Irish Times - 10-01-06
Minister for the Environment Dick Roche today called for the building of a network of incinerators after a report showed all Irish landfills will be full within eight years.
According to the National Waste Report 2004, which was published today by the Environmental Protection Agency (EPA), 67 per cent of municipal waste was sent to landfill. This was a reduction of only 1 per cent on the previous year.
The report said Ireland has 34 landfill sites accepting waste and that, unless something was done to reduce the amount of waste being sent there, they would all be full within eight years, although it noted there is "considerable variation between regions".
The EPA also warned that a significant number of households do not use a domestic waste collection service, leading to almost 227,000 tonnes of the 1.5 million tonnes of domestic waste produced each year being unaccounted for.
The EPA called for local authorities to take the lead in determining what is happening to this waste to prevent "fly tipping and backyard burning".
Mr Roche said he was concerned that the vast majority of domestic waste is ending up in landfill sites. He said incineration was the only way to avoid adding to our growing rubbish mountain.
"The biggest tough decision that we have to make now is going to be on incineration," he told RTÉ Radio this morning. "You don't need an incinerator in every county, that's the first point. But we will need incinerators and we will have to have a number of incinerators."
Labour Party environment spokesman Eamon Gilmore attacked Mr Roche, claiming his emphasis on "old-style methods" like incineration is "misplaced and is out of tune with public opinion".
Mr Gilmore said there was an urgent need for an integrated system with the emphasis placed on reducing, reusing and recycling. He accused Mr Roche of being naive if he believed that all the unaccounted-for waste was being delivered to official landfills.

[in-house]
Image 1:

"The reality is that much of it is probably being illegal burned or scattered throughout the countryside," he said.
Green Party environment spokesman Ciaran Cuffe said the solution to the growing waste problem was for the Government to encourage the public to produce less waste and offer the public alternatives to burning or burying.
"The fact remains that we are producing the most waste of any country in Europe, we are producing the most packaging waste of any country in Europe," the Dún Laoghaire TD said.
Shipping our excess waste abroad was no answer, he insisted. "I don't think we should pat ourselves on the back if all we are doing is putting it into containers and sending it off on a slow boat to China."
The EPA report showed Ireland has already almost achieved its 2013 target to recycle 35 per cent of municipal waste. A total of 32.6 per cent of all such rubbish is currently being reused.
The report also noted nearly three-quarters of material recycled was sent abroad to be processed in Spain, the United Kingdom, the Netherlands, Holland and China.
It called for the establishment of an indigenous recycling industry to deal mainly with glass, metals, paper and cardboard.
© 2006 ireland.com
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